1. Prop. 8 passed in California. It's the second time voters in California have passed a citizen initiative expressing their will that marriage be regarded as an exclusive relationship between one man and one woman. Same-sex marriage supporters will for the second time try to overturn the will of the people of California by appealing to the California Supreme Court.
More on this later, but consider the words of San Francisco Supervisor Bevan Dufty as he protested Mormon support of Prop. 8:
"The time has come to take it out there to the people who voted for this awful thing," said San Francisco Supervisor Bevan Dufty outside the Oakland temple. "The Mormon church has had to rely on our tolerance in the past, to be able to express their beliefs. "... This is a huge mistake for them. It looks like they've forgotten some lessons."
Is that a threat? Perhaps Dufty should look up some American history about the bloody threats to Mormon religious liberty before making statements like that. Or maybe he did?
2. Lots of snarky blog comments about the effectiveness and propriety of Bishops' statements defending the primacy of life in this election. OSV has an interesting story which seems to indicate that the Catholic vote in Missouri and Pennsylvania significantly bucked the trend:
In six states Obama lost ground to Kerry's Catholic vote totals of 2004. Catholics in Missouri, Pennsylvania, Illinois, Louisiana, Minnesota, and California were less likely than Catholics in 2004 to vote for the Democratic presidential candidate. In both Missouri and Pennsylvania, Catholic bishops made statements, widely covered by the media, regarding the importance of life issues relative to other issues in the campaign. These statements potentially had an effect on the votes of Catholics in these states given Obama's voting record and support for abortion. In California voters approved a ballot proposition banning same-sex marriage that was supported by California bishops. It is not possible to isolate these potential effects with the exit poll data released so far but these are potential hypothesis to explore further. . .
The Catholic vote in Missouri may have an historical consequence. At the time of this writing McCain leads Obama in total votes in the state by just more than 5,800. The state has yet to be called for either candidate. If Obama does lose this state, one of the central reasons will be his inability to attract the support of a majority of Catholics. If Missouri is declared for McCain it will have lost its "bellwether" status. Missouri has voted for the winning candidate in every election since 1960 and no Democrat has ever been elected president without winning Missouri.
Bishop Finn also made public statements opposing an English-only law in Missouri. The Missouri Catholic Conference also joined in opposing an expansion of the gambling license in the state. Unfortunately, voters rejected the bishops' advice and overwhelmingly adopted both measures. No analysis on the effectiveness or propriety of bishops publicly opposing xenophobia or exploitation of the poor has been found.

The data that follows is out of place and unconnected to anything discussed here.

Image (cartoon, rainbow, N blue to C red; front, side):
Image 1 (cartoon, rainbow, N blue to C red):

3. Cardinal George didn't skip a breath today between recognizing the tremendously positive historic nature of Senator Obama's victory and the gross irony on which it is based:
. . .this is a moment that touches more than our history when a country that once enshrined race slavery in its very constitutional order should come to elect an African American to the presidency. . .
We can also be truly grateful that our country’s social conscience has advanced to the point that Barack Obama was not asked to renounce his racial heritage in order to be president, as, effectively, John Kennedy was asked to promise that his Catholic faith would not influence his perspective and decisions as president a generation ago. Echoes of that debate remain in the words of those who reject universal moral propositions that have been espoused by the human race throughout history, with the excuse that they are part of Catholic moral teaching. We are, perhaps, at a moment when, with the grace of God, all races are safely within the American consensus. We are not at the point, however, when Catholics, especially in public life, can be considered full partners in the American experience unless they are willing to put aside some fundamental Catholic teachings on a just moral and political order. . .
In working for the common good of our society, racial justice is one pillar of our social doctrine. Economic justice, especially for the poor both here and abroad, is another. But the Church comes also and always and everywhere with the memory, the conviction, that the Eternal Word of God became man, took flesh in the womb of the Virgin Mary, nine months before Jesus was born in Bethlehem. This truth is celebrated in our liturgy because it is branded into our spirit. The common good can never be adequately incarnated in any society when those waiting to be born can be legally killed at choice. If the Supreme Court’s Dred Scott decision that African Americans were other people’s property and somehow less than persons were still settled constitutional law, Mr. Obama would not be president of the United States. Today, as was the case a hundred and fifty years ago, common ground cannot be found by destroying the common good.